I encountered one little girl of about 6-years-old, who was bald, her hair having been shaved because of disease, who took my hand and led me to the tent where she lived with her father, two siblings, and a grandmother. Next to the hut made of plastic sheets and scraps of fabric was a pot sitting on top of a fire made of cacti lit on fire. Inside the pot was a tiny bit of white rice with no lid. Within the few minutes that I sat there and spoke with the girl’s father, the wind blew so much dust up that I was sure there was more dirt than rice in the pot. The dust was the only seasoning added to the rice. And it scared me to think about how they were actually going to divide that meal up between the family. It was less than what I was used to eating by myself back in Mizak. And this was supposed to feed this whole family. My family is not wealthy by any means. We live in a one room home that was built by the Red Cross and given to us after the earthquake and my mother and father still struggle to find jobs in the fields or with commerce in the city to provide for me and my siblings. But when I saw how the people are living in Plas Kado, it made me feel like a king back in Mizak.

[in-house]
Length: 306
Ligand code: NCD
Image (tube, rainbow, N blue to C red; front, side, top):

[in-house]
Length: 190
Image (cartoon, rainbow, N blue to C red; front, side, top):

And now that I am back in Mizak, I can’t stop thinking about those people in Plas Kado and what my responsibility to them is. Ultimately, the solution to the problem is not easy. It has to start with the government. For years they have been playing petty political games with salami and eggs, thinking that boycotts and rumors would somehow lead to justice between the countries. But now that real people are suffering real consequences, there is no greater crime than allowing the suffering to continue while the political games continue. Real action must be taken to help the people who are the victims of this decades old conflict. We share an island, we are all children of the same land. We must find a way to resolve our own conflicts between each other and help each other move forward stronger than before.
As elections near this fall, I hope that more Haitians start to take notice and educate themselves on the situation occurring at the border. I will be doing what I can to talk with leaders within my own community to let them know what I have seen there so that we can discuss together what we can do to help our fellow Haitians who are now suffering. We have so many families in Mizak that have children, or siblings, or other family currently in the Dominican Republic, we can’t pretend that it doesn’t affect us. If it doesn’t affect us directly now, we need to be aware that it will certainly affect us in a very real way soon enough. And we must prepare ourselves by being informed and being actively petitioning for change starting now.
I am proud to be Haitian. But I am hoping for a day to come when those thousands of people now stuck at the border can also say that they are proud to be Haitian rather than confused and suffering at essentially being no body. When I was younger, the Dominican Republic welcomed me and my family. Now I hope that Haiti can find a way to welcome these other people in need of a place to call home.